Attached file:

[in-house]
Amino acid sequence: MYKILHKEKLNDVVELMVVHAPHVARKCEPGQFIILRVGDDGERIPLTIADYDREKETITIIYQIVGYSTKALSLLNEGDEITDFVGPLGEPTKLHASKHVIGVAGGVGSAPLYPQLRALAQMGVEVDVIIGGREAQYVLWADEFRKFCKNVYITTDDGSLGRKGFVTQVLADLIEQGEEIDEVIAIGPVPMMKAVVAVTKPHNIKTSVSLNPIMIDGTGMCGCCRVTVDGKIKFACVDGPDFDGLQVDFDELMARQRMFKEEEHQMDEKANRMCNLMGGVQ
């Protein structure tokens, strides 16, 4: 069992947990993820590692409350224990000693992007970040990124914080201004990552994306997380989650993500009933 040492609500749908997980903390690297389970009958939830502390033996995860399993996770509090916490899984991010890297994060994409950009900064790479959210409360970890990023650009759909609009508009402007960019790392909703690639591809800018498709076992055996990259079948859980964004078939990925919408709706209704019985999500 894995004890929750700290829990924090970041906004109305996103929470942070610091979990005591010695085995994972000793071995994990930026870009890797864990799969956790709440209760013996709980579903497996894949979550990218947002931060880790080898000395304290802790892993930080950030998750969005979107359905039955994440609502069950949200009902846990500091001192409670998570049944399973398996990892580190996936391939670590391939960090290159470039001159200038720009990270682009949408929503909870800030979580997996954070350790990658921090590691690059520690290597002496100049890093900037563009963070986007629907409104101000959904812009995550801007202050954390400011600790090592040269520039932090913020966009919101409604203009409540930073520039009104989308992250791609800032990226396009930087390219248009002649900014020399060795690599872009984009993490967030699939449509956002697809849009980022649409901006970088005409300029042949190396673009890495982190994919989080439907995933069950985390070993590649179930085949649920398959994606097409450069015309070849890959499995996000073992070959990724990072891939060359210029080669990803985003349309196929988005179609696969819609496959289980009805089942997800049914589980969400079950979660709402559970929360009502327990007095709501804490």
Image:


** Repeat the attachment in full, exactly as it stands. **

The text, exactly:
[in-house]
Amino acid sequence: MYKILHKEKLNDVVELMVVHAPHVARKCEPGQFIILRVGDDGERIPLTIADYDREKETITIIYQIVGYSTKALSLLNEGDEITDFVGPLGEPTKLHASKHVIGVAGGVGSAPLYPQLRALAQMGVEVDVIIGGREAQYVLWADEFRKFCKNVYITTDDGSLGRKGFVTQVLADLIEQGEEIDEVIAIGPVPMMKAVVAVTKPHNIKTSVSLNPIMIDGTGMCGCCRVTVDGKIKFACVDGPDFDGLQVDFDELMARQRMFKEEEHQMDEKANRMCNLMGGVQ
């Protein structure tokens, strides 16, 4: 069992947990993820590692409350224990000693992007970040990124914080201004990552994306997380989650993500009933 040492609500749908997980903390690297389970009958939830502390033996995860399993996770509090916490899984991010890297994060994409950009900064790479959210409360970890990023650009759909609009508009402007960019790392909703690639591809800018498709076992055996990259079948859980964004078939990925919408709706209704019985999500 894995004890929750700290829990924090970041906004109305996103929470942070610091979990005591010695085995994972000793071995994990930026870009890797864990799969956790709440209760013996709980579903497996894949979550990218947002931060880790080898000395304290802790892993930080950030998750969005979107359905039955994440609502069950949200009902846990500091001192409670998570049944399973398996990892580190996936391939670590391939960090290159470039001159200038720009990270682009949408929503909870800030979580997996954070350790990658921090590691690059520690290597002496100049890093900037563009963070986007629907409104101000959904812009995550801007202050954390400011600790090592040269520039932090913020966009919101409604203009409540930073520039009104989308992250791609800032990226396009930087390219248009002649900014020399060795690599872009984009993490967030699939449509956002697809849009980022649409901006970088005409300029042949190396673009890495982190994919989080439907995933069950985390070993590649179930085949649920398959994606097409450069015309070849890959499995996000073992070959990724990072891939060359210029080669990803985003349309196929988005179609696969819609496959289980009805089942997800049914589980969400079950979660709402559970929360009502327990007095709501804490």
Image: